Fred Morgan is home for a few days. I have not seen him…George Sidwell is at one of the camps in one of the southern states. He is attending some kind of a school. His father was telling your dad that at Panama they wanted George to drill for an officer, but George didn’t want to be an officer. It is quite comical to hear about the different fellows from this place being officers.

The Congregational Church had their fair last Thursday and Friday and took in a little over $300 the first day.

We have been having some fearfully hot weather, but it is cooler now again. I hope you haven’t had such hot weather over there.

Be sure and send my letters to Barryville, N.Y., box 26. Hoping to hear from you soon. Your loving aunt, Aida

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July 1918

Art, Elizabeth, Bob Austin, and a friend, holding flags. Photo courtesy of MA.
“Aunt Aida sent me a couple of pictures of the children saluting. They certainly looked comical, especially Robbie.” On left: a friend, Elizabeth, Bob (Robbie) and Art Austin.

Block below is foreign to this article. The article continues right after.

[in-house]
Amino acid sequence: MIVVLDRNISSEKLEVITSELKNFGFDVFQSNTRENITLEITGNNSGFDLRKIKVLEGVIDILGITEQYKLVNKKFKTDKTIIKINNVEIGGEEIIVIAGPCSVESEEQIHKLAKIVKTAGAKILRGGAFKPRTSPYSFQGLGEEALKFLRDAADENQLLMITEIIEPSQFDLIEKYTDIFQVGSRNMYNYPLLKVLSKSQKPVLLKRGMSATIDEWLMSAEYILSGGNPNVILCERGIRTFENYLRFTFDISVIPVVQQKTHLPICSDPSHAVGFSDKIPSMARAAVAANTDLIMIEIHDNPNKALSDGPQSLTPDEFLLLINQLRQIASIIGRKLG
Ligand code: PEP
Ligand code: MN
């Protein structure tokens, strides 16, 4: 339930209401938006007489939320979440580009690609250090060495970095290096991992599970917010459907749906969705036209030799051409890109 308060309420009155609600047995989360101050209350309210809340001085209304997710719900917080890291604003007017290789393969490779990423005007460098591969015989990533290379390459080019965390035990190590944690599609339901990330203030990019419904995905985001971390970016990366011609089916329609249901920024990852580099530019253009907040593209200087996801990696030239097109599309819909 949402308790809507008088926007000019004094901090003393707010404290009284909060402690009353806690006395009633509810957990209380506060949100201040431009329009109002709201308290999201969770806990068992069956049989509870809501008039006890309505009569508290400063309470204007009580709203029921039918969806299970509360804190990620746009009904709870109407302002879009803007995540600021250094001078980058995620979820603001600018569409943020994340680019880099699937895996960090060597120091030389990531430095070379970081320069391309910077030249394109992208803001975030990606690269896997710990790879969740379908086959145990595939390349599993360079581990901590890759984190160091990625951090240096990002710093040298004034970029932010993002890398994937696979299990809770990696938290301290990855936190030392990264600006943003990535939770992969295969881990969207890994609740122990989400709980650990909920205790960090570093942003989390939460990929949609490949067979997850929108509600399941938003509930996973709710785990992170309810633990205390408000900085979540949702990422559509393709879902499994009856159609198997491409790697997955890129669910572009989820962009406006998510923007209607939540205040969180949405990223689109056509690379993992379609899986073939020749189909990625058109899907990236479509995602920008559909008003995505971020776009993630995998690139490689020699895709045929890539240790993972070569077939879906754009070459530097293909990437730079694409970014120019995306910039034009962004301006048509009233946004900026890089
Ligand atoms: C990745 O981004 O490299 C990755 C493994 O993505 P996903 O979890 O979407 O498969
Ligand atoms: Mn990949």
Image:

Art Austin holding a flag.
McKinley’s brother Art Austin holding a flag.

McKinley Austin, 11th U.S. Inf., France, to Jennie Austin, Eldred
July 7, 1918
Dear Mother,
I got your letters all right. And I got one from Raymond at Camp Merritt.

It must be hard for you to see us go, but you have been very brave. If all the mothers in America were like you, there would not have been a need for a draft. I think the reason we boys, who are no braver than the average, were so quick to go, was that we have always been taught that we have a duty to our country. Some seem to think that their country should protect them, but shouldn’t call on them to help.

I am getting along well. We have been lucky so far. This is a fine place for a summer home, but we have some bad neighbors. Give my regards to all. Hoping to hear from you soon, I am your loving son, McKinley

Saint-Dié-des-Vosges, France
By July 14, 1918, the 11th Infantry was at Saint Dié, France, near the Vosges Mountains, at least 400 kilometers (249 miles) east and a bit south of Paris.

Battle of Château-Thierry
On July 18, 1918, General John J. (Black Jack) Pershing led the American Expeditionary Force at the Battle of Château-Thierry, northeast of Paris.